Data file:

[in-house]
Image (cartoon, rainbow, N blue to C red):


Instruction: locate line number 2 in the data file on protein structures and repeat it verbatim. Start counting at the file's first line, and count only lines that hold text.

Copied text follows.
Image (cartoon, rainbow, N blue to C red):